Costs, Hospitalizations Go Down With ICDs Programmed With Longer Detection Intervals

March 09, 2017

CHICAGO, IL — Hospitalizations and mean hospital length of stay both went down significantly in patients with implantable cardioverter-defibrillators (ICD) set with prolonged vs standard detection intervals in exploratory analyses from the third Avoid Delivering Therapies for Non-sustained Arrhythmias in ICD Patients (ADVANCE 3) trial[1].

The trial had randomized 1902 patients implanted with their first ICDs, which had antitachycardia pacing and were programmed for prolonged (30 of 40) or standard (18 of 24) arrhythmia detection intervals. As previously reported by heartwire , 75% of implants were for primary prevention and 25% were for secondary prevention. All were programmed to detect arrhythmias with a cycle length of <320 ms.

In addition to the hospitalization results, the prespecified secondary end point of patient costs per year also dropped significantly in the current analyses, which appear in a research letter published in the August 6, 2014 issue of the Journal of the American Medical Association. The lead author is Dr Alessandro Proclemer (Azienda Ospedaliera Universitaria S Maria della Misericordia, Udine, Italy).

Those with ICDs programmed with longer detection intervals showed a prolonged time to first hospitalization (p=0.01) and number of hospitalizations from any cause per 100 patient-years. They also showed a mean $299/patient-year reduction in costs for all-cause hospitalization.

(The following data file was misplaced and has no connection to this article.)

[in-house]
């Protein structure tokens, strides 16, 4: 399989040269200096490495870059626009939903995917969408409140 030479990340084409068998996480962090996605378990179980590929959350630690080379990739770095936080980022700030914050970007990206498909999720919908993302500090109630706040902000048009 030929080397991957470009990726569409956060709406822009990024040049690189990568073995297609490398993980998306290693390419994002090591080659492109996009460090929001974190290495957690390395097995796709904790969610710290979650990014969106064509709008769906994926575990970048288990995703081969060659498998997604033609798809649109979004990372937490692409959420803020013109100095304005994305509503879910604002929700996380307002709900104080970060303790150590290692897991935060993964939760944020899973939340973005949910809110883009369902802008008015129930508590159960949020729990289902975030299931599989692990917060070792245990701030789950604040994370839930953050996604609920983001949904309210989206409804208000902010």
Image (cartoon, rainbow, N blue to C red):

Incidence Rate Ratio (95% CI) for Hospitalizations and Mean Cost Ratio (95% CI) for Long-Detection Interval vs Standard Interval ICD Programming in ADVANCE 3 Trial

End points IRR (95% CI) p
Overall hospitalizations 0.84 (0.73–0.96) 0.005
Overall hospital length of stay 0.87 (0.83–0.91) <0.001
Overall hospitalization cost (mean cost ratio) 0.82 (0.82–0.82) <0.001

Very similar reductions in cardiovascular hospitalization, CV hospitalization length of stay, and CV hospitalization costs suggested that those end points drove the significant advantages shown for the corresponding "overall" end points in the prolonged-interval patients.

The findings "complement the demonstrated clinical effectiveness of the long-detection-interval strategy and come without additional costs for the hospitals or patients," according to the group, referring to the clinical effectiveness demonstrated by their own ADVANCE 3 primary results and the previously published MADIT-RIT trial.

ADVANCE III was funded by Medtronic. Proclemer reported no conflicts; disclosures for the other authors are listed in the paper.


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